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some day or 3%, they would say the world is going to go to hell. but you want to free up people for other things. i mean, the less people it takes to build a car the better off we are. >> they have those other jobs to go to. >> that's been the question. when the tractor came along and the combine and when they put robots in auto factories or whatever. people always say, where are they going to go? the market system has found places for most of them but it does rearrange things in a big way in terms of what talents get paid for. >> and you know i asked buffett if that's the case how do you build up the middle class in this country and he admitted that is one of the biggest questions that our society is struggling with. he believes, quote, the market system will produce economy. he says the market works. eventually it works out. you know, it was very interesting to hear how torn he is on the minimum wage debate despite being a democrat, big su supporter of president obama who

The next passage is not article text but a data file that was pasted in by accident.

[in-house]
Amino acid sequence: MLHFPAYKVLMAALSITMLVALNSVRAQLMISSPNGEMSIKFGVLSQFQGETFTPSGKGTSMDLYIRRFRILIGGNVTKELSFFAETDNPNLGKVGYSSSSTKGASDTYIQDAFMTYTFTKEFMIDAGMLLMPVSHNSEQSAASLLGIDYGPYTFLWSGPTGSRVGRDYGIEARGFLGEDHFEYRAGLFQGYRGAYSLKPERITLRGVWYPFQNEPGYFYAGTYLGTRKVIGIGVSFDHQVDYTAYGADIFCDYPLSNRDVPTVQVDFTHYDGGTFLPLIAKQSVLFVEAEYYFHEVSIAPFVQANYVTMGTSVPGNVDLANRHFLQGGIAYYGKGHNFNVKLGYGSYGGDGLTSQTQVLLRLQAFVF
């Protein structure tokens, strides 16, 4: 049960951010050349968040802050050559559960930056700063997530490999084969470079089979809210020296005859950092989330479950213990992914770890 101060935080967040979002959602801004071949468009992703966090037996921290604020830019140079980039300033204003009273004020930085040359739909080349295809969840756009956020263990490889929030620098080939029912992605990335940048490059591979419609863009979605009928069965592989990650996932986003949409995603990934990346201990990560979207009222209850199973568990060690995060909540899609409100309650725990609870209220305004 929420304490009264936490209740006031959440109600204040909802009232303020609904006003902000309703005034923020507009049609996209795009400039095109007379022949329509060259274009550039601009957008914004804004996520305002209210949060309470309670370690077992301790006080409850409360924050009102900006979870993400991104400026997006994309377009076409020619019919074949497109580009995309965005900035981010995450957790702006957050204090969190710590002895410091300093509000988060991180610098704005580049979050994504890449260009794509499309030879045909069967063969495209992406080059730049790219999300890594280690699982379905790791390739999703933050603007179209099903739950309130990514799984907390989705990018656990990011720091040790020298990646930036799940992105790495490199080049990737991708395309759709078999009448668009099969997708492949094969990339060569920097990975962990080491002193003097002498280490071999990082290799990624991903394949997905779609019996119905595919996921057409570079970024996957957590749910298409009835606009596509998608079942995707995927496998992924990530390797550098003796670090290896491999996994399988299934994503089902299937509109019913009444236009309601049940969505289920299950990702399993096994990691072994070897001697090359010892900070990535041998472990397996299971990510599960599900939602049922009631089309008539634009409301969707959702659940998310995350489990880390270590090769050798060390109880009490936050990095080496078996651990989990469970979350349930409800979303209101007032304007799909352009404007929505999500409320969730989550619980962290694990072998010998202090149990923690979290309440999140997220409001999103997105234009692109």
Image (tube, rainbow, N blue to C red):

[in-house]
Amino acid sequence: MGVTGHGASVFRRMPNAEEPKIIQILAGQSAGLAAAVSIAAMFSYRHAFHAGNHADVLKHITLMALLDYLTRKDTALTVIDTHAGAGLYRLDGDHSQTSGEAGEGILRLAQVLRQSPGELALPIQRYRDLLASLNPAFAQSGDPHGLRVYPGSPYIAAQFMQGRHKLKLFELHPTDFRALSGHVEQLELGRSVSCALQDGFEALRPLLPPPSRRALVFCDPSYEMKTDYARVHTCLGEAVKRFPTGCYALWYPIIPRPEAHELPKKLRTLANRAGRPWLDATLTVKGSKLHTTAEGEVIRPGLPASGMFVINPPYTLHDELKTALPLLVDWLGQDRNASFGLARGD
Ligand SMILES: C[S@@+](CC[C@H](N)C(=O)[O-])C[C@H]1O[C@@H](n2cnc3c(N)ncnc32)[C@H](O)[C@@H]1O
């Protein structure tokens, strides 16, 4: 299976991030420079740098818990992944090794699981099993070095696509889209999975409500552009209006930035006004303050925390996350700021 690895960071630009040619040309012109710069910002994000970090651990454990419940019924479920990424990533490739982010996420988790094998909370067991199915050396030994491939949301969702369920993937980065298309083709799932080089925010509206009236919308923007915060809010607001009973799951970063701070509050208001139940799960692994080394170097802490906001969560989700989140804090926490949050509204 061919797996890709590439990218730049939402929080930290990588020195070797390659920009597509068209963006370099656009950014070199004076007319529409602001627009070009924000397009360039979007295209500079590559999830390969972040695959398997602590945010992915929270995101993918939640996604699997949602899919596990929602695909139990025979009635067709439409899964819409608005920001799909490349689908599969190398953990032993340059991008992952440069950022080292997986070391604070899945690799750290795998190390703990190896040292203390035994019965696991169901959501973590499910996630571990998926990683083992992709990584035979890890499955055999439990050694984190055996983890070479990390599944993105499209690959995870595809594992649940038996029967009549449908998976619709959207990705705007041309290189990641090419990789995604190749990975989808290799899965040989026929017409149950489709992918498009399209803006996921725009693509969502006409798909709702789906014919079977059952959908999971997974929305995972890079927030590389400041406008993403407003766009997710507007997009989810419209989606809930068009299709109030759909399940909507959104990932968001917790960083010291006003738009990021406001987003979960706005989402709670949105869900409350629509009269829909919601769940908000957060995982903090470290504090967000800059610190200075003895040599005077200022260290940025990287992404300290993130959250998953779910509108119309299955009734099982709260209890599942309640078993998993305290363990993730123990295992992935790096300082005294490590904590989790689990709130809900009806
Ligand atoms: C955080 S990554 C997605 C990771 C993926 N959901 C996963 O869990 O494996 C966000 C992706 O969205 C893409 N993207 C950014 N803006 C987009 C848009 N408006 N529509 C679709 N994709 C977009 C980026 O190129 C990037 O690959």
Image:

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is pushing for $10.10 an hour minimum wage, he is torn as are so many people in this country. >> looks like a great interview. >> thank you. we have more on he weighed in on the 2016 presidential race. america's middle class wants the world's richest can no longer claim that distinction. the rest of the industrialized world has been getting nice raises. according to the "new york times," after tax middle class incomes in canada now appear to be higher than in the united states. nicholas chrisoff is a columnist for the "new york times." and cnn's global economic analyst and assistant managing editor of "time." there are some who say the middle class is struggling because, to be quite honest, there aren't good jobs out there, job growth is slow. not because america's billionaires are doing so well. are they wrong? >> yeah, i mean, i think they are kind of manifestly wrong in the sense that if you look at the pie, then the pie is